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Advice / Succeeding at Work / Work-Life Balance

The Science of Sitting: Why you Should Exercise at Work

It’s the fourth time you’ve ditched your lunch buddies this week, opting instead to brown bag it at your desk. You wave goodbye with a PB&J in your left hand and keep typing—no time for chatter when an avalanche of email awaits.

Hours later, you realize you haven’t moved a major muscle group since morning, finishing another nine-hour day with your posterior glued into the same seated position.

If this sounds like you—well, that’s not good. You might not think much of it, especially if you devote most nights to steamy sessions on the Stairmaster. But could your “work now, exercise later” lifestyle put you at a higher risk for health problems? At least one major study points to yes.

Hazardous to Your Health

Researchers, who published their work in the European Heart Journal earlier this year, found that sitting for extended periods of time is linked with an increase in several health risks: higher levels of artery-blocking triglycerides and the heart disease predictor C-reactive protein, lower levels of the “good” cholesterol HDL, and a larger waist—and this is despite the fact that study participants also spent time sweating in moderate-to-vigorous exercise.

Previous research has coined this the “Active Couch Potato Phenomenon:” the Employee of the Year who rides or runs to work or catches an hour at the gym but is otherwise chained to a desk by day and to the couch watching Millionaire Matchmaker marathons by night.

So what are we to do, when most of us spend nearly all of our waking hours at a computer?

Move It

Don’t throw in the (gym) towel just yet. Dr. Genevieve Healy, a research fellow at the University of Queensland, Australia, who led the study, offers good news. “Our research showed that even small changes, which could be as little as standing up for one minute, might help to lower this health risk,” she explains. And your boss shouldn’t complain, because it doesn’t need to interfere with your work: “It is likely that regular breaks in prolonged sitting time could be readily incorporated into the working environment without any detrimental impact on productivity,” she adds.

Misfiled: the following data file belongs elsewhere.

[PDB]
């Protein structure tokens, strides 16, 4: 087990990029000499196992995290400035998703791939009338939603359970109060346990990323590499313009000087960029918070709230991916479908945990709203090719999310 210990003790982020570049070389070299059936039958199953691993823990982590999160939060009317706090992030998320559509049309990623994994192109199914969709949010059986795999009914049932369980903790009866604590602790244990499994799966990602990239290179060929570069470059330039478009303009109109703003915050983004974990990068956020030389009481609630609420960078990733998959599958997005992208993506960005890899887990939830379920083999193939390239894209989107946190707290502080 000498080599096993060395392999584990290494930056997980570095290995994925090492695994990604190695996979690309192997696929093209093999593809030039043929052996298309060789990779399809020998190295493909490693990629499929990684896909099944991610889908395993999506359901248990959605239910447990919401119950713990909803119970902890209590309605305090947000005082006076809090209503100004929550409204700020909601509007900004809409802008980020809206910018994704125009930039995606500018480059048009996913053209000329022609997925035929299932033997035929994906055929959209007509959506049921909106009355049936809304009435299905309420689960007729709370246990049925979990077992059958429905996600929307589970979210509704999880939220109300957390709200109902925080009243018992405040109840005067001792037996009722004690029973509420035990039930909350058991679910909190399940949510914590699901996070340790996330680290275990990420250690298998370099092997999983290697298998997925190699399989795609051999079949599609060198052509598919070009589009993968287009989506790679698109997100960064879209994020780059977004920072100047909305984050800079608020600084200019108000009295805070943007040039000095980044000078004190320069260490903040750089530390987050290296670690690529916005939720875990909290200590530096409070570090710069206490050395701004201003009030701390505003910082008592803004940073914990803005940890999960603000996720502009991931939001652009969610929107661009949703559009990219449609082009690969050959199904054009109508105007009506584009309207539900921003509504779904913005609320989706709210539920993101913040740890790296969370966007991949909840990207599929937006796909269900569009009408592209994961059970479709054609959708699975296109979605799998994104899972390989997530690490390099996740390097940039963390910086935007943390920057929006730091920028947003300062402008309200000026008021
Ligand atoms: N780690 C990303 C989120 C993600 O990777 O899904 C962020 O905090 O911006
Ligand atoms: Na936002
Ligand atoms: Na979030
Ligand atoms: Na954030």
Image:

Healy advises office-bound types to adopt the mantra “stand up, move more, more often” and try baby steps like these to incorporate movement into the workday (unfortunately, we’re pretty sure that the mad dash for the last Krispy Kreme in the break room doesn’t count):

  • Stand up to take phone calls. Rather than kicking your feet up on your desk for the conference call, stand up while you chatter. Better yet, do a couple of stretches.
  • Walk to see a colleague. Next time you pick up the phone or start to fire off an email, take a stroll down the hallway instead.
  • Have “standing” meetings. Remove the chairs so that everyone has to be on their feet (this will probably keep meeting time to a minimum, too!) Won’t fly in your office? Encourage regular breaks for people to stand up during long meetings.
  • Do your business on a different floor. Any time you need to use the restroom or a vending machine, take the stairs to the level above or below you.
  • Move things away. Rearrange supplies such as trash bins and printers so they’re off of your desk and in another location—that you have to walk to.
  • Sitting Pretty: A Thing of The Past?

    As research grows in the field of “inactivity physiology,” expect your workplace to start making changes, too. Some new buildings are designed with slower elevators and attractive staircases to encourage employees to walk. And, researchers and physicians have created “walkstations” with a low speed treadmill instead of a chair, allowing cubicle-dwellers to walk their way to heart health and a slimmer silhouette whilst simultaneously sealing the deal. (Though, with prices nearing $5,000, it might take your boss some convincing.)

    Tell us! How else do you incorporate movement into the workday?

    Photo courtesy of tokyosucks.

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